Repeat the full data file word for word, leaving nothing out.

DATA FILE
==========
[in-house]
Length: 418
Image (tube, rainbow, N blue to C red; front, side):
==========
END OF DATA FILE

[in-house]
Length: 418
Image (tube, rainbow, N blue to C red; front, side):